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It All Comes Down to This


Certain Expectations

How differently the Geller sisters’ lives would have turned out had C. J. Reynolds not been released from prison that February. Or suppose he’d been released but had not decided to restart his life on Mount Desert Island, Maine, where Marti Geller’s old waterfront house might or might not be coming up for sale. Suppose that instead of getting a flight from Columbia, South Carolina, to Bangor, C.J. had instead returned to his hometown of Aiken to try to make amends.

But he did take that flight, and in doing so, he altered his future and theirs—the three Geller sisters, Manhattan born and raised, not at all the sorts of women C.J. had been used to back before he was locked up with some thousand men whose coarse behavior made him feel like he was in the ninth grade. Misfit. Scared. Wishing yet again that he’d been born into a different family, a different life.

You’d be amazed at the volume of prison conversation that had centered on women’s breasts. On body parts generally. On sex in every possible form—incarceration made some men really creative. C.J. had chosen not to take part in those conversations. He’d chosen not to take part in most everything optional in the pen, a place he was not meant to be. And yet there he had been, and this made him wonder about meant to be and about fate in general.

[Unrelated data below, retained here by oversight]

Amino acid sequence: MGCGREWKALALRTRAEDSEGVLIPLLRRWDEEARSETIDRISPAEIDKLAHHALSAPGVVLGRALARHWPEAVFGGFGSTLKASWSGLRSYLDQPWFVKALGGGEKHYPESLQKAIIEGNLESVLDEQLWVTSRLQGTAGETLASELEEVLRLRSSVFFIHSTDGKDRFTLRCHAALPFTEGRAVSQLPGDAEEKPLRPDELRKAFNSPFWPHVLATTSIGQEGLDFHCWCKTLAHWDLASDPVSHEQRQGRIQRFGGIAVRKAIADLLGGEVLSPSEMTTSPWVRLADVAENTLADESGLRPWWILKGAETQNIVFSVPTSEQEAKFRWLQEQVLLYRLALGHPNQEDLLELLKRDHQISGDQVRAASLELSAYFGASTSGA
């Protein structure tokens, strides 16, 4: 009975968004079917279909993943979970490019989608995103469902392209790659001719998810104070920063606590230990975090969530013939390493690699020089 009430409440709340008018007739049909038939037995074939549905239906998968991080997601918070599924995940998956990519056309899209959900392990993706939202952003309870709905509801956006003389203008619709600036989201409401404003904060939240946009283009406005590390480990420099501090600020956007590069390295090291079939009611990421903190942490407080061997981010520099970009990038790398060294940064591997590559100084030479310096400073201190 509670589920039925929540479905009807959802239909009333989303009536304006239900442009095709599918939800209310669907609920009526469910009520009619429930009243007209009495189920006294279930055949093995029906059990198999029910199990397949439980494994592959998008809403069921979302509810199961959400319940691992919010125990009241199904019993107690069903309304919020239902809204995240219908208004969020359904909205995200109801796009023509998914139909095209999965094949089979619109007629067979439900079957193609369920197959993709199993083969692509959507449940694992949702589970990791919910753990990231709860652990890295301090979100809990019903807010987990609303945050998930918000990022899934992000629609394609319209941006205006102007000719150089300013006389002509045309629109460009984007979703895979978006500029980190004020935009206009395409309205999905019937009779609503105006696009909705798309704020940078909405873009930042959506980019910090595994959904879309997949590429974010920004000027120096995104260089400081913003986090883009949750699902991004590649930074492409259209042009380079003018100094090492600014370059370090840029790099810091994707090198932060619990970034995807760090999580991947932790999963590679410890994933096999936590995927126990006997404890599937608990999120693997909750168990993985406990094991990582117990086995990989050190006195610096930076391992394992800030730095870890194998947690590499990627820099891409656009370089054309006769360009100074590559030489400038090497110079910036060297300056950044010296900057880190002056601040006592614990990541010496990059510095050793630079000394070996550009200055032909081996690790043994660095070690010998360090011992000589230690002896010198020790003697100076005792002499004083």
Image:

He’d also wondered whether Jesus, who he believed had been a real person who’d done at least some of what was credited to him, would approve of all the ways he (Jesus) was being put forth as the personal savior of a lot of hardened criminals who really only hoped the connection might help get them paroled. C.J. had not relied upon Jesus to aid in his defense; for that, he’d spent a good deal of money on an attorney whose relationship with Jesus (if any) was unknown to C.J., but whose relationship with law, evidence, and specific judges was certain and solid. This had not, however, been enough to keep him out of prison. It had perhaps made it so that he wasn’t in prison longer, and this was worth far more to him than the money he’d spent.